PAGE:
Electric services company FirstEnergy Corp. on Thursday agreed to pay a $230 million criminal penalty as part of a settlement with the U.S. Attorney’s Office for the Southern District of Ohio surrounding the state’s nuclear bailout federal corruption scandal.

The company admitted to its role in the scandal, which resulted in the arrest of Ohio Speaker of the House Larry Householder and four others back in July 2020. FirstEnergy entered into a three-year deferred prosecution agreement (DPA) that could result in the dismissal of the Justice Department’s charge of conspiracy to commit honest services wire fraud if the terms of the agreement are met.

FirstEnergy disclosed in a regulatory filing in April that it was anticipating a DPA as part of the resolution of the case.

Between 2017 and March 2020, FirstEnergy Service Company, a wholly owned subsidiary of FirstEnergy, paid $60 million to Generation Now—a purported 501(c)(4) nonprofit which FirstEnergy knew was operated for the benefit of, and controlled by, Householder—in exchange for Householder pursuing nuclear legislation for FirstEnergy’s benefit.

FirstEnergy further acknowledged it paid $4.3 million to Sam Randazzo through his consulting practice in exchange for him performing official actions in his capacity as then-chairman of the Public Utilities Commission of Ohio to further the company’s interests “relating to passage of nuclear legislation and other specific FirstEnergy Corp. legislative and regulatory priorities, as requested and as opportunities arose,” the DPA stated.

On March 31, 2021, Ohio Governor Mike DeWine signed legislation repealing the nuclear bailout and other provisions of the earlier bill.

“This is a humbling moment for our company, and we should take this moment to recognize that this type of conduct, at the highest levels in the company, was wrong and unacceptable,” FirstEnergy President and CEO Steven Strah said in a video message to employees. “We have to ensure that something like this never happens again.”

Payment of the $230 million fine will be split equally between the U.S. Treasury and the Ohio Development Service Agency for the benefit of Ohio utility customers. FirstEnergy must also publicly disclose on its Website any contributions it makes to 501(c)(4) entities and entities it knows to be operating for the benefit of a public official, either directly or indirectly.

Compliance enhancements

In the agreement, the Department of Justice noted FirstEnergy “provided substantial cooperation, including conducting a thorough internal investigation; proactively identifying issues and facts that would likely be of interest to the government; making regular factual presentations to the government; sharing information that would not have been otherwise available to the government; and making such material available to the government on an expedited basis.”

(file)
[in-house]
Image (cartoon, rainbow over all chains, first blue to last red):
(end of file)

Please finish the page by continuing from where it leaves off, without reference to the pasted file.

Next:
According to the DPA, FirstEnergy further represented it has implemented four broad categories of remedial measures, including employment consequences for executives and employees who engaged in misconduct; enhancements to its compliance program; improvements to its policies and procedures; and monetary remediation to ratepayers.

Specific enhancements made by the company include the following:

  • Establishing an executive director position at the board level to support the development of enhanced controls and governance policies and procedures;
  • Creating a compliance oversight subcommittee of the audit committee to implement compliance recommendations received from outside counsel and enhanced compliance trainings;
  • Appointing a new chief legal officer and a new chief ethics and compliance officer. The latter reports directly to the audit committee and administratively to the chief legal officer;
  • Reviewing and revising political activity and lobbying and consulting policies, which will include robust disclosures about its lobbying activities.

“FirstEnergy’s board of directors moved swiftly and decisively to investigate this matter and, along with the management team, has cooperated and will continue to fully cooperate with the U.S. Attorney’s Office that is investigating the matter,” said Donald Misheff, nonexecutive chairman of FirstEnergy’s board of directors, in a statement. “This resolution and the actions we have agreed to implement build on the substantial steps we have taken over the past several months to strengthen our leadership team, ensure we have a best-in-class compliance program, and significantly modify our approach to political engagement as we work to regain the trust of our stakeholders.”

“FirstEnergy’s core values and behaviors include integrity, openness, and trust,” Strah said. “As an organization, we are redoubling our commitment to live up to these values and the standards that we know our stakeholders expect of us. Moving forward, we are intently focused on fostering a strong culture of compliance and ethics, starting at the top, and ensuring we have robust processes in place to prevent the type of misconduct that occurred in the past.”

Former FirstEnergy CEO Chuck Jones, fired in the aftermath of the scandal, released a statement criticizing the company for “falsely implicat[ing] so many hard working and dedicated employees in wrongdoing who were committed to implementing the Board’s stated goals.” Jones also stated his innocence regarding any unlawful activity.